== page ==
Jump to navigation Jump to search
- (Received Pronunciation) IPA(key): /laɪˈsɜːdʒɪk/, /lə-/
- (General American) IPA(key): /laɪˈsɝdʒik/, /lə-/
- Hyphenation: lys‧erg‧ic
- (not comparable, organic chemistry) Used in the designation of lysergic acid and lysergic acid diethylamide: produced by hydrolysis from ergot. [from 1930s]
- 1936, Thomas Lathrop Stedman, “ergostetrine”, in A Practical Medical Dictionary [...], 13th revised edition, Baltimore, Md.: William Wood and Company, OCLC 41843256, page 368, column 2:
- Much more soluble in water than ergotoxine, ergotamine, sensibamine or ergoclavine, and is thought to be the hydroxyisopropylamide of lysergic acid.
- 1937 August, Walter A[braham] Jacobs; R. Gordon Gould, Jr., “The Ergot Alkaloids: XII. The Synthesis of Substances Related to Lysergic Acid”, in The Journal of Biological Chemistry, volume 120, number 1, Baltimore, Md.: Published at Yale University for The Journal of Biological Chemistry, Inc. […], page 141:
- In a series of papers during the past few years Jacobs and [Lyman C.] Craig have shown that the ergot alkaloids are derivatives of a unique acid base, lysergic acid, in which the latter or an isomer is conjugated with certain amino acids or substances which can be derived from them, such as 2-aminopropanol-1, pyruvic acid, and isobutyrylformic acid. Since lysergic acid is thus the common characteristic constituent of these alkaloids, the determination of its structure became at once a major issue in the ergot alkaloid problem.
- 1968, Charles Milton Fischer, The Effect of Lysergic Acid Diethylamide on the Carbohydrate Metabolism of the Brain (unpublished B.S. in Dentistry dissertation), San Francisco, Calif.: University of California, San Francisco, OCLC 1020059998, page 1:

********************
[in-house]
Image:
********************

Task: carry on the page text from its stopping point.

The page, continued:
- 1966 May 23, James L. Goddard, interviewee, The Narcotic Rehabilitation Act of 1966: Hearings before a Special Subcommittee of the Committee on the Judiciary, United States Senate, Eighty-ninth Congress, Second Session, Pursuant to S. Res. 199 Eighty-ninth Congress and S. 2113, S. 2114, S. 2152 and LSD and Marihuana Use on College Campuses [...], Washington, D.C.: U.S. Government Printing Office, OCLC 778800, page 330:
- We have used lysergic acid which is available commercially, and we have found that the conversion of lysergic acid to LSD can be accomplished in a relatively simple manner by procedures that can be followed by experienced chemists. In fact, we believe a crude form of LSD could be produced by a college chemistry student who had access to the equipment in a college chemistry laboratory.
- 2007, K. G. Ramawat and J. M. Merillon, editors, Biotechnology: Secondary Metabolites: Plants and Microbes, 2nd edition, Enfield, N.H.: Science Publishers; Boca Raton, Fla.: CRC Press, →ISBN, page 375:
- The ergot alkaloids in general are classified into four main structural groups: 1. the simple amide group such as LSD and the methyl carbinolamide; 2. more complex peptide complex viz. ergotamine, where the lysergic acid moiety is linked with cyclic tri-pepide via an amide bond 3. lysergic acids and 4. clavine alkaloids […].
- (comparable) Psychedelic, trippy.
- 2014 October 25, Marina O'Loughlin, “David Shrigley at Sketch, London W1 – restaurant review: ‘This might be the most absurd restaurant in the country. Is Jeff Koons cooking?’”, in The Guardian, London, archived from the original on 10 March 2017:
- On the evidence of this lysergic dish – blobs and pools of strident oddness, especially the mozzarella-topped gelée that tastes like the stuff left at the bottom of olive tins topped with organic foaming facewash – [David] Shrigley's better off sticking to the art.
psychedelic — see psychedelic